How to Hack Twitter’s Algorithm to Increase Your Tweet Reach
Twitter as a platform can sometimes be a somewhat stunning reminder of just how many people there are in the world. Twitter only encompasses about 70 million monthly active users. The world itself has 7.6 billion people in it, or 7600 million. Twitter is 1/100th of the global population.
With 1/100th of the global population on a site, that site is generating 500,000,000 tweets every single day. That is a frankly insane amount of content published every second of every day.
How do you get your content to float to the top in that sea of churning words?
The Twitter Algorithm
Twitter’s algorithm is not like Facebook’s. Facebook does an extreme amount of filtering, pruning out the majority of the content you might see on a daily basis and curating it to the top content according to a whole host of factors.
Twitter maintains their reverse-chronological feed. Each time you log in, you see the most recently posted tweets from people you follow at the top, and on down the list. However, as of 2015, Twitter has also had the “while you were away” feature box.
This feature box is a recap of some curated tweets, as determined by the algorithm. In 2016, Twitter began to apply this algorithm very lightly to feeds as a whole. Most users don’t even notice the difference, despite huge outcry at the time.
The algorithm determines that kind of content you as a user are most likely to want to see, and will either promote it in the “while you were away” box or put it closer to the top in the organic feed as you scroll down the page. How, though, does that algorithm work, and how can you abuse it to make sure your content is as visible as possible?
Twitter’s description of the algorithm is simple enough. “Tweets you are likely to care about most will show up first in your timeline. We choose them based on accounts you interact with most, tweets you engage with, and much more.”
It’s worth noting that the algorithmic feed is a choice. Many users, when the feed came out, rebelled against it. The #RIPTwitter tag circulated with advice on how to disable the algorithmic sorting, and so your audience will naturally be split.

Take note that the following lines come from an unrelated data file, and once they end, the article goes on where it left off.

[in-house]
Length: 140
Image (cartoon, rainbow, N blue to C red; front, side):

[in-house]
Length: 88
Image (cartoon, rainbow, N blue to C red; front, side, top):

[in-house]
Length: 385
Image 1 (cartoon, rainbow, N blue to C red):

For the purposes of this post, we’re ignoring the people who disabled the algorithmic feed. Since those users browse tweets chronologically, the only real way you can ensure that you reach them is to tweet when they’re online. You can fairly easily determine your peak active hours, and then use a third party service to tweet for you during those hours, to reach as many people as possible.
For the people still using the algorithmic sorting of the Twitter feed, you need to understand the components of the algorithm and how to use them to your advantage.
Twitter’s Algorithmic Ranking Factors
So what goes into the algorithmic sort, and whether or not a tweet will be shown to a user? Some of these will be familiar to those who know all about EdgeRank, while others are unique to Twitter.
#1: Engagement. Twitter outright states this in the description. The more you engage with an account, the more likely you are to see tweets from that account.
Every time a user clicks to expand one of your tweets, clicks to play or re-play a video, clicks to view a full image, clicks to read through a tweet thread, likes a tweet, retweets or comments on a tweet, or otherwise positively interacts with your tweets or your account, that user becomes more likely to see future tweets from your account.
Conversely, the less a person engages with your content, the less they will see of your content. It’s pretty sensible; Twitter will show people what they seem most interested in seeing.
Of course, this being Twitter, there’s always an issue. There are plenty of times you might love the tweets a user makes but not take any action to engage with them. Maybe you don’t want to retweet or publicly like a tweet, but you still enjoyed it; by not taking action, you’re telling Twitter you don’t really care and don’t need to see more.
#2: Comparative engagement. This is still engagement, but looking at it from your perspective rather than the user’s. Imagine that on average, every tweet you get ends up earning about 50 likes, 10 replies, and 20 retweets. Now you make a good, funny joke, and you get 200 likes, 50 replies, and 120 retweets.
That one piece of content got a lot more engagement than normal, likely from a lot of people who don’t follow you. Consequently, Twitter identifies that the tweet has something going for it above and beyond your normal content. In order to further promote it, Twitter will push it further up via the algorithm. It must be good, so more people probably want to see it.
At an extreme level, this is why viral tweets hit a certain point and then seemingly explode, going from a small handful of replies and likes to a huge number of them. Such tweets can keep in circulation for weeks, and occasionally will be retweeted by hugely popular accounts and given another round of circulation.
So the first tip for getting more exposure via the Twitter algorithm is to encourage more engagement. The more you can do to get retweets, replies, and likes, as well as clicks through to your profile, media expands, and other interactions, the better off you’ll be.
#3: Recent timing. Even with an algorithmic feed, Twitter aims to be a primarily chronological platform. That means the more recent the tweet, the more likely it is to be shown. Even when Twitter introduced the algorithmic feed, @Jack tweeted that Twitter is all about real-time.